Cecilia Clark  

Lost in Thought by Cecilia Clark

August 2020 - Lost in Thought

August 2020 - Cecilia Clark


About the Image(s)

Last October, I was on China on a photo tour. This image was not one of the scenes set up by the tour guide. In fact, we had been given free reign to photograph Zhaoxing Dong Village in Guizhou province. It was a cold day and this person and several others were warming themselves near the fire under the Dong Tower. (The ethnic group is Dong. Each Dong village has several Dong Towers that are community gathering points.) I was hanging around watching for something interesting. Anyway, it was time for our group to go when I noticed the dreamy look and how the smoke was enveloping him/her. Everyone else was headed toward our minibus while I took this photo. Nikon D750, 70-200mm lens at 160mm focal length, ISO 800, f/4.0, 1/250.

In LR, I adjusted the exposure and contrast. I darkened a hotspot on the window sill. I also darkened the lower right corner of the image. I exported to PS. From there I used Luminar 4’s “soft and airy” look (modified) to obscure the background visible in the window opening. Back in PS, using a mask, I removed the effect from the person’s face and hand. In another PS layer I used a brown color similar to the other woodwork to paint the opening on the left side because it was too bright.

Back in LR, I again adjusted the exposure, used the brush to reduce the highlights at the edges of the window opening, sharpened, and added a slight vignette.

5 comments posted

Georgianne Giese   Georgianne Giese
What a dramatic, lovely moment frozen in time by your excellent image! Her expression, her outline against the natural light of the window, and the smoke are all perfectly captured.

In my opinion, there is much too much visual weight on the left. The intensity and tone of the color on the wall picks up the color on her hands and face, and pulls ones eye away from her, toward the wall.

Starting with your original (which I prefered), I handled the window background by adding a Levels adjustment layer in PS. I moved the sliders around until the smoke obscured the background better. then I painted with black, with a soft brush at 50% opacity, on that layer mask, over her face, to hide half of the adjustment there.

Next, I added a Brightness/Contrast adjustment layer, to tone down the brown wall. I took both sliders down to the left end, and then, once again, I used a soft, lower opacity brush to paint over her entire face in black, so as to hide that layer's adjustment there.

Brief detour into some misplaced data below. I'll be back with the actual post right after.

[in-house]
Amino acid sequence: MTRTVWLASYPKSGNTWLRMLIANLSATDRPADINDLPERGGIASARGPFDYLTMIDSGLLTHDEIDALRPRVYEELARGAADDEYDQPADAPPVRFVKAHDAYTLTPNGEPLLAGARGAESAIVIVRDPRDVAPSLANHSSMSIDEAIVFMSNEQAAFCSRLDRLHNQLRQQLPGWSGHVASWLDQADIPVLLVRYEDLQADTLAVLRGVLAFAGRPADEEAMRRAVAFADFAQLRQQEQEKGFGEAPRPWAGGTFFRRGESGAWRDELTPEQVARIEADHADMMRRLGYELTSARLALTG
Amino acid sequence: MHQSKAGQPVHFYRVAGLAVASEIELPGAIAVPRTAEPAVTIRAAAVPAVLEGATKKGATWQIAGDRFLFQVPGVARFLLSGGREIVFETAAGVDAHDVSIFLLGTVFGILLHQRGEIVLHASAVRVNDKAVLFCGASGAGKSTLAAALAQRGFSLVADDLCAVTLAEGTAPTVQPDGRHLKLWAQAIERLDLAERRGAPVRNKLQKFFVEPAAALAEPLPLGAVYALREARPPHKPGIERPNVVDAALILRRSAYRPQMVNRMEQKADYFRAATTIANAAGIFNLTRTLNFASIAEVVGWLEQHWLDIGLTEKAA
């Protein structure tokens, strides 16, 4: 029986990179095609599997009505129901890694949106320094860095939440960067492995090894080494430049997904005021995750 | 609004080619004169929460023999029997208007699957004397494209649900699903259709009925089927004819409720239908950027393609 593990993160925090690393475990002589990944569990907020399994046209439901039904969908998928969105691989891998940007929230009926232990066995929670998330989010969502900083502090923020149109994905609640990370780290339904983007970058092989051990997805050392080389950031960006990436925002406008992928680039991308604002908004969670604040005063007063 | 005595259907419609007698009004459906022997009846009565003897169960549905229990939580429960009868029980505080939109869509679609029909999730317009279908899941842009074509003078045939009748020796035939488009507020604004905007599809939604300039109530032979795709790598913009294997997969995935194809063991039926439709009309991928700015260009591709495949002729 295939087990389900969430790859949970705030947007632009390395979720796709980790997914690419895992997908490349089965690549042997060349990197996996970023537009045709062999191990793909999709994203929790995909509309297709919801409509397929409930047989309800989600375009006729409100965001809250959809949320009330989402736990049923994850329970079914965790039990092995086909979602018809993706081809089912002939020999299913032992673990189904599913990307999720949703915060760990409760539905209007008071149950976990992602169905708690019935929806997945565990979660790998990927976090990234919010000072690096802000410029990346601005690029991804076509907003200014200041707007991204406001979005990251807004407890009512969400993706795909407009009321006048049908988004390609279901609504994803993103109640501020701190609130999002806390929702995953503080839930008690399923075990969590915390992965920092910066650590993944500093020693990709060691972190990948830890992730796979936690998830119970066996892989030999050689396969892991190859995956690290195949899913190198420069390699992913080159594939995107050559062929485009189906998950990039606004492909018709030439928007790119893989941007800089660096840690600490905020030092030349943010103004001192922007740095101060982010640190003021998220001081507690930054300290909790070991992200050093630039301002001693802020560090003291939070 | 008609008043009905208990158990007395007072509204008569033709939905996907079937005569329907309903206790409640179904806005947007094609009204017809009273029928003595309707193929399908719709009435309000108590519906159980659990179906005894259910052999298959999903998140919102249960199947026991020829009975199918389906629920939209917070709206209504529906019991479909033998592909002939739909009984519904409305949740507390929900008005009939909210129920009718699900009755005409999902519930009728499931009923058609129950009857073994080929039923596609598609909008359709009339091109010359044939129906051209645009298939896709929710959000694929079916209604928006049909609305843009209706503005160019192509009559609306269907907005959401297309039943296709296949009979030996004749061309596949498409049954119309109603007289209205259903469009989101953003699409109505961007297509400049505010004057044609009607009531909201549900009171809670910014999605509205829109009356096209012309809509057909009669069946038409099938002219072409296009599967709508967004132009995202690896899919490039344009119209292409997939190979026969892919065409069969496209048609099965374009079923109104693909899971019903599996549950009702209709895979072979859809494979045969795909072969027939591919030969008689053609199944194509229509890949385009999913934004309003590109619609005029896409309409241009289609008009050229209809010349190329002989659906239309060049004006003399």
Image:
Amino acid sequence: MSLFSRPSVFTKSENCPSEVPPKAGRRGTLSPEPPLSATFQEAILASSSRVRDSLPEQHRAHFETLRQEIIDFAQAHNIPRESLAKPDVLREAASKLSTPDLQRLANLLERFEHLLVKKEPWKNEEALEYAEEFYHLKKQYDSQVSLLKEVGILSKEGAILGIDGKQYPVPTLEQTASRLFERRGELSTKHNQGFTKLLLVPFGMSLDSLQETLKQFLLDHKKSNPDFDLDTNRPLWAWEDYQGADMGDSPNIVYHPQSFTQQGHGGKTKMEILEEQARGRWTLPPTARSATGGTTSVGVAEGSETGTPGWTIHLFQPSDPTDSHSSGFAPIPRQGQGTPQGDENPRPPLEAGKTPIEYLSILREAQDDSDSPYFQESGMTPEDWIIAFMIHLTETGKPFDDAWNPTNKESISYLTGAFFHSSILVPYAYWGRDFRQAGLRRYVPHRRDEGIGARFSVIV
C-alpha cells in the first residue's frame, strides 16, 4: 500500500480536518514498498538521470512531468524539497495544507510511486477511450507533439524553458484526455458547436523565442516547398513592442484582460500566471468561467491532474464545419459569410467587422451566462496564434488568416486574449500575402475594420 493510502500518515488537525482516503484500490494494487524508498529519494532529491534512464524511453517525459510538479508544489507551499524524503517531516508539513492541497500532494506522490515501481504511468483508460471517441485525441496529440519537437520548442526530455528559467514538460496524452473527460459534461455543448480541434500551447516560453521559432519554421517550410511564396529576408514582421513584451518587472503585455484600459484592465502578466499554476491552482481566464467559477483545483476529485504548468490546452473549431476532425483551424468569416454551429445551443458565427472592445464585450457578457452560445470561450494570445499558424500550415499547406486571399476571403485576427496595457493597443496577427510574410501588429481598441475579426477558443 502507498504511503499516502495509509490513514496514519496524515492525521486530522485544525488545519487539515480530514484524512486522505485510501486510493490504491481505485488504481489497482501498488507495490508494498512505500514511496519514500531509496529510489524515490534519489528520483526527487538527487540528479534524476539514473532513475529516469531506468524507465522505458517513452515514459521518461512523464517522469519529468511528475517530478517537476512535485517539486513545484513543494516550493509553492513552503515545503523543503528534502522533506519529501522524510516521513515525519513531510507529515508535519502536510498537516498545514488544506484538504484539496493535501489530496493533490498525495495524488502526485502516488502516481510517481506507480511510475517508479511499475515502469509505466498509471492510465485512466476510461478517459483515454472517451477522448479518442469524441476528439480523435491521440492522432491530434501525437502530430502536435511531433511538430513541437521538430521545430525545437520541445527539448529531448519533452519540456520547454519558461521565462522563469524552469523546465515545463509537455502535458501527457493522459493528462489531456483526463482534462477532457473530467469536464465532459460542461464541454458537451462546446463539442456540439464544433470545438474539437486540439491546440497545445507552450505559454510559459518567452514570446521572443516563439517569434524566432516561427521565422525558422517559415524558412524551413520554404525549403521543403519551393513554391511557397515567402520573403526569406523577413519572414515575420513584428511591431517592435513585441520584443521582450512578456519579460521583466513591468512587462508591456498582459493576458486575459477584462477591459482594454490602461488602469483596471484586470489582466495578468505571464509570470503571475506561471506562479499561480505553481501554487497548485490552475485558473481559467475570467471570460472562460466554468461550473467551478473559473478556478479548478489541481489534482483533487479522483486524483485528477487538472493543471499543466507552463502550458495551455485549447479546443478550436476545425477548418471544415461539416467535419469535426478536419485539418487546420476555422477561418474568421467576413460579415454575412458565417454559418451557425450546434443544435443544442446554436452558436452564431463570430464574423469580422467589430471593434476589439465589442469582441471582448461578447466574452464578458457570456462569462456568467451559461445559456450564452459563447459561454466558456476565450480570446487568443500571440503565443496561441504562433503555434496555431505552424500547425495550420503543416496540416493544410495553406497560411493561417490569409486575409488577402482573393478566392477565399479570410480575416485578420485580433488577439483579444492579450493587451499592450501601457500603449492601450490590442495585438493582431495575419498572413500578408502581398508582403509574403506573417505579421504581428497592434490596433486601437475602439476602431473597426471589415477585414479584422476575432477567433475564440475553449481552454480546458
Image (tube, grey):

An image on the monitor is emitted light, so it is always brighter than the reflected light on a print. This image, with my adjustments, was too dark. To correct for this, I added another Brightness/Contrast adjustment layer, and brought up the brightness of the entire image, just a bit.

Finally, I cropped the image, to get ride of some of that remaining visual weight on the left, and emphasize this wonderful woman's face.

Secondly, I   Posted: 08/02/2020 12:19:28
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Denise McKay   Denise McKay
What a great capture Cecilia! Talk about being in the right place, at the right time, and with the right skills to get this image.

I agree with Georgianne that I like the tones of the original image better than the edited version. I do like the exposure adjustments on her face and hand.

When someone is looking into the distance, I have a tendency to want to give some room to that area (to the left side), so I'm a little torn about cropping in there. Does it lend more to the story to have more room to gaze into, or does focusing on her expression work better? I think it's a toss-up for me.

Excellent image!   Posted: 08/03/2020 07:11:57

Witta Priester   Witta Priester
Cecilia -What a wonderful capture with her looking off into the distance, the interesting light and the moody smoke. You have done a great job of bringing up the light on her face and making those adjustments look natural. In my opinion, the left side of the photo still provides an opportunities for improvement. I have cropped away a bit, deemphasized the details, and added some smoke (large soft white brush on a separate layer at low opacity). Here's a version...   Posted: 08/07/2020 09:25:26
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Connie Reinhart   Connie Reinhart
So often in travel images we see people centered in the frame and smiling for the camera. But people in their natural environment are so much more interesting. Maybe the wall on the left is a little too wide and dark. The adjustments others made to the wall are good. To my eye, adjustments to bring out the face and hands are very good. Very good image.   Posted: 08/07/2020 10:02:24

Bunny Laden   Bunny Laden
Cecilia, what a great image! I am enjoying how the smoke creates a vignette, allowing me to focus on the intense expression. Your adjustments work well to bring out detail. As others have pointed out, you might consider toning down the wall. To my eye, the original wood color might be more effective. I do like the crop as having the wall serves to give the image a sense of place.   Posted: 08/07/2020 13:56:22


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